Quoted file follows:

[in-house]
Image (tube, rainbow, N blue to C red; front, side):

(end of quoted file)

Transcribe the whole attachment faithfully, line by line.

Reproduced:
[in-house]
Image (tube, rainbow, N blue to C red; front, side):